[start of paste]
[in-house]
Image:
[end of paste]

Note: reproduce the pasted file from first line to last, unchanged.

[in-house]
Image: